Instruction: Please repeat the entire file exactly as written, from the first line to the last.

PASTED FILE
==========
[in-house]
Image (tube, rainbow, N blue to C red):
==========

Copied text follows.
[in-house]
Image (tube, rainbow, N blue to C red):